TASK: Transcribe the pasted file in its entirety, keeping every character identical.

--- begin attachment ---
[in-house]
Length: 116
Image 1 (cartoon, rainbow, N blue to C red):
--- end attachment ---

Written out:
[in-house]
Length: 116
Image 1 (cartoon, rainbow, N blue to C red):